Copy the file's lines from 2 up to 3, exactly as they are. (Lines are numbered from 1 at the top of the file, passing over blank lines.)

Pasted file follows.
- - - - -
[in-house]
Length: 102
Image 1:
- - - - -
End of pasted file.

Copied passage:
Length: 102
Image 1: